For more than twenty five years, my wife, Gracie, has been an amputee and the subject of phantom pain has often been discussed. Sometimes, amputees can feel the pain of a limb that is not there.
In kind of a “reverse phantom-limb pain,” we caregivers often feel pain—not over something no longer there, but rather something that hasn’t even happened.
We don’t see a positive end.  We see it getting worse.  We fret over “what will happen if …,” and we can add despair to already weary hearts over something that hasn’t occurred—or may never happen.
Years ago, a surgeon once returned to the hospital room where I waited for news on yet another surgery for Gracie—and shared with me that she had an infection in her back that would require her to stay three months in the hospital, flat on her back (raising no more than 15 degrees), AND have an operation every third day to irrigate the infection site.
Thinking about our sons, my job, Gracie, and all the things involved, my heart sunk and I mumbled, “I can’t do this for three months.”
Putting his hand on my shoulder, he said, “You’re not going to do this for three months—you’re going to do it for 24 hours. ‘Tomorrow will worry about itself.'”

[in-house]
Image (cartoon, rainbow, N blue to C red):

I learned a lesson that day (one I have to remind myself of often!):  I have enough drama, heartache, and challenges today—I don’t need to borrow any from tomorrow, three months from now, or thirty years from now. I don’t need to indulge in pain that isn’t there. 

“Few of us ever live in the present. We are forever anticipating what is to come or remembering what has gone.”  Louis L’Amour

A reporter once asked me, “How you can and Gracie be optimistic when you know what the future holds?”
Without hesitation, I answered, “Because we know what the future holds!”  More importantly, we know Who holds the future.”
Resting in that doesn’t mean living fatalistically or abandoning responsible planning. Rather, it simply means doing the best I can with today, and trusting God’s provision for tomorrow.

“Therefore do not worry about tomorrow, for tomorrow will worry about itself. Each day has enough trouble of its own.”  Matthew 6:34

Peter Rosenberger

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